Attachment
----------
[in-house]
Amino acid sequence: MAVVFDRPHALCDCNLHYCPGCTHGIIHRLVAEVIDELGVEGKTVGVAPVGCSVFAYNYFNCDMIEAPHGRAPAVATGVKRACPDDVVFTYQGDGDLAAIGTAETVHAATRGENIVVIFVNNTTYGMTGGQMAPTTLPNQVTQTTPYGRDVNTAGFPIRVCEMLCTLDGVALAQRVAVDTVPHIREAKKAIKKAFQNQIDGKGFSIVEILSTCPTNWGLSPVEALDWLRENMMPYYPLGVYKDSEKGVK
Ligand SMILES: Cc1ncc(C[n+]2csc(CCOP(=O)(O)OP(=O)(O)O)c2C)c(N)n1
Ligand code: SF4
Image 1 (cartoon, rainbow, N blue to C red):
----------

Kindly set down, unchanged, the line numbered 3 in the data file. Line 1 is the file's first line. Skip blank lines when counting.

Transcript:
Ligand SMILES: Cc1ncc(C[n+]2csc(CCOP(=O)(O)OP(=O)(O)O)c2C)c(N)n1